SB: People often associate Latin American writing with Magical Realism. You are more of a realist writer. What are your thoughts on where Latin American writing is headed?
DA: Latin American literature hasn’t been stuck in magical realism at all, not for thirty years. The small amount of Latin American literature that gets published has been, but that’s very miniscule. That’s not indicative of what’s being written. There are very few writers who are self-consciously imitating [Gabriel] Garcia Marquez anymore. It’s more of an invention of editorial marketing than it is a literary movement. First of all, Garcia Marquez is too good to copy. So deciding that you are going to copy him is one, a losing proposition artistically, and just destined for caricature. What we’ve gotten is a whole bunch of bad caricature of Garcia Marquez. But in terms of what’s actually happening in Latin American writing—we are far beyond that.
I would even argue that Garcia Marquez’s most important contribution to Latin American culture and writing has been his journalism. He founded a journalism foundation called the Iberoamerican Foundation for New Journalism in Cartagena. Every journalist of note in Latin America studied there in the last fifteen to twenty years. If there’s a boom happening in Latin America right now, it’s creative nonfiction. It’s counterintuitive to think that Garcia Marquez’s influence is in nonfiction, but if you look to the crop of writers today, so many of them are students of the foundation. The whole idea of Marquez being a magical realist is called into question, because he’s also a really great journalist. His “realism” in the form of nonfiction is just as powerful.
SB: Speaking of realism, you are currently teaching a seminar called Not Realism. Why, as a realist writer, did you decide to teach this class?
DA: I’m teaching this class because it’s what I’m not good at. There’s an Argentine writer, Rodrigo Fresan, who said, “your style is basically the collection of things you don’t do well.” So you’re known for writing spare dialogue because you’re no good at dialogue. You’re known for writing great descriptions of setting, because you’re no good at the mechanics of plot. You’re style is really a collection of your deficiencies. I’m basically a realist, everything I’ve written has been in a realist vein and I find that somewhat disappointing in my own work. I wanted to do a class that made me think as much as it made you [the students] think. I’m interested in these issues, but the stories that come to me tend to be conventional in some way, like the conventional premise that gravity still exists, day is still day, night is still night. It’s silly and gimmicky to be a writer you’re not, but that doesn’t mean I shouldn’t try to teach a class where I learn something myself.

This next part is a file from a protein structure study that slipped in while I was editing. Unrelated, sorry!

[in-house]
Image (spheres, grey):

There’s nothing in Lost City Radio that is surreal or inexplicable by conventional rules of reality that we all adhere too. Not in the way that some of writers that I really admire—the [Donald] Antrim we read [The Verificationist]—tweak reality. The way Bruno Shulz looks at the world. I just sometimes wish I could see what they see. So it’s not so much I’m teaching the class because I’m propagating the style or theory of writing. Quite the opposite, I’m pushing myself–or attempting to–to be in dialogue with these writers and learn something from them.
Realism in the rest of the world isn’t admired the way [in the U.S]. The naturalist model here—everyone’s amazed by it. It wins awards. People say, oh my god it’s so real. In painting it’s not that way. You would never say, Wow, that is a really realistic still life of a fruit bowl, let’s give it a fucking prize. So why is it in literature we’ve settled on this convention—seeing it as the correct way to write, the highest standard of art? Why should an accurate representation be what we all aspire too—opposed to a reimagining of the world.
It calls into question: What is art for? Why do we go to art?